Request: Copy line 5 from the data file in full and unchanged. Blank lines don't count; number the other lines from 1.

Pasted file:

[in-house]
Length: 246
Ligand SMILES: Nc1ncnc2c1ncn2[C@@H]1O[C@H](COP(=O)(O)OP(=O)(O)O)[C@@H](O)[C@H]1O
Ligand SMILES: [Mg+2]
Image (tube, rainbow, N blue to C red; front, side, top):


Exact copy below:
Image (tube, rainbow, N blue to C red; front, side, top):